Lee Teng-hui Center for Governmental Studies at NSYSU is the first such center for governmental studies dedicated to a Taiwanese political leader among public universities in Taiwan. The Director of the Center, Yu-Kang Lee emphasized that despite the decease of its patron, the Center will continue to serve its mission and values to help the government’s administration and policy, to act as a think-tank in the south of Taiwan, promote the public affairs governance and debate, and consolidate the enormous capacity of the industry, government, and academia to serve the core values of democracy to which the former President was faithful. Director Lee recalled that in June 2017, Lee Teng-hui attended the Conference on the Second Democratization in Taiwan organized by the Center and gave a speech, pointing out two main developmental problems that Taiwan faces, one of them being economic problems, connected with leaders’ abilities, cross-strait relations, and global governance risks; he said that leaders’ lack of vision for administration will have a negative impact on the country’s development. The second problem he pointed out is the “halt of political revolution”, for example, a central government reformation that is merely superficial, resulting in no improvement of the government’s efficiency and competence, or the lack of localization that brings no advantage to the local development and governance.

Dean of the College of Social Sciences at NSYSU, Wen-Bin Chiou, said that during his term as President, Mr. Lee Teng-hui responded to voices of the people from all circles, actively promoted constitutional change, nullified the Temporary Provisions against the Communist Rebellion that established martial law in Taiwan, started the process of constitutional amendment and enactment of additional provisions to limit the terms of office of the central organs of public opinion, and deepened the democratic reforms in Taiwan. Despite the 1995–1996 Taiwan Strait Crisis, when the People's Republic of China fired a series of missiles in the Taiwan Strait, Lee was elected as the first President of the Republic of China (Taiwan) in 1996, becoming the first directly elected head of state in Chinese people’s history. Under the leadership of President Lee, Taiwan's democratization process was completed without shedding a drop of blood. His reforms laid the foundations for the present democratic development in Taiwan.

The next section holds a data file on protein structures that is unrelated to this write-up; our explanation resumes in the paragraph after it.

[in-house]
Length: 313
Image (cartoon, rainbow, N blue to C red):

In 2002, with the approval of former President Lee, NSYSU was the first university in Taiwan to convene Dr. Lee Teng-hui Lectures in Political Economy, which became a platform to gather scholars of various fields to discuss policy proposals and engage in academic dialogue to enhance Taiwan's political and economic strength and international visibility. In 2016, Lee Teng-hui Center for Governmental Studies was established to debate on major domestic and international issues in a more systemic way and highlight Lee's contributions to Taiwan's democratization and national development. In his speech for the inauguration of the Center, former President Lee expressed his hope for the Center’s future academic achievements and political and economic influence, and achieving the short- and medium-term goal of becoming a policy think tank in the south of Taiwan, and in the long-term, becoming a cradle for public governance leaders, similar to John F. Kennedy School of Government at Harvard-Kennedy School or the Woodrow Wilson International Center for Scholars.